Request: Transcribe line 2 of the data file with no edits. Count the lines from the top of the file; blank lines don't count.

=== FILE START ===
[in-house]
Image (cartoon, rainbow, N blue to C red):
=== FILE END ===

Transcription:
Image (cartoon, rainbow, N blue to C red):